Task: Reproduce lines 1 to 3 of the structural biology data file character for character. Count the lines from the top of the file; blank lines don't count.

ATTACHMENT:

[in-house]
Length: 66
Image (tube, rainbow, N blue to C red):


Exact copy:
[in-house]
Length: 66
Image (tube, rainbow, N blue to C red):